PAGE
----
A few days before the reopening, we walked by to check the place out, and bumped into Tim and Astrid themselves, who showed us around. They pointed out a great empty stretch of wall where they were thinking of asking a local artist to do a mural – so we immediately volunteered and the same evening I made a sketch for a drawing of about 3,5 by 1,20 meters.

After some back and forth about things to include in the picture – basically everything and everyone that can be found in the park on a nice sunny day – we had an approved sketch that Yiri then colored in bright summery colors. We sent it to the printer to have it printed on wallpaper, and within a week a big package was delivered to our doorstep.

Yiri and part of the drawing, fresh from the printer’s; it’s HUGE!

 

The picture rolled out on the floor of the cafe.

 

The glueing of the picture, by Tim and Astrid’s parents.

 

The placing of the picture, by Tim & Astrid, and Astrid’s parents.

 

The end result!

 

And here is the whole picture, enlarge by clicking on it:

 

Intended audience, the picture & me.

 

If you’re in Amsterdam, come and take a look at it at Terrasmus in the Erasmuspark – and have one of Tim & Astrid’s great smoothies to make it a perfect experience!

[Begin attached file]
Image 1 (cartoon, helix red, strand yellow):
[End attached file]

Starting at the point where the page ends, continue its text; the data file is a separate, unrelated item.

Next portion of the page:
Margreet de Heer

Anything That Loves

April 9, 2013 by  


Currently, there’s a Kickstarter campaign going to bring out ‘Anything That Loves’ - a bold new comics anthology that explores and celebrates the complex world beyond the categories of “gay” and “straight”. I’m proud to announce that one of my comic characters will fill ten pages of this book.

I started ‘Mijntje’ for Dutch lesbian magazine Zij aan Zij in 2004 and she’s my oldest and longest running comic. Mijntje is a 22 year old bisexual girl who’s in a relationship with Mia, with various adventures on the side.

Especially for ‘Anything That Loves’, I have translated ten comics, and re-christened Mijntje into Minnie for the english-speaking world.

Given the ongoing struggle for any minority that doesn’t fit into what other groups define as “normal”, I think this will be an important book that will contribute to the visibility of the shifting realities of sexuality, instead of the cliches. I’m proud my Minnie can be part of this, and I encourage anyone with an interest in the subject to back the Kickstarter here to receive the book – and there are also cool T-shirts to order!

Here’s a preview of one of the ten Minnie comics that will be in the book:


Stefan Blitz

NBM Review Round-Up!

April 9, 2013 by  


After a great time at MoCCA, here we are, back again, with some recent reviews of various NBM titles.

Abelard

Has been nominated for “Great Graphic Novel for Teens’ by YALSA (Young Adult Library Services Association).  Results will be announced in January 2104 by the ALA.

“At times, both whimsical and melancholy, Abelard transcends the artform as an example of exquisite storytelling.”

Broken Frontier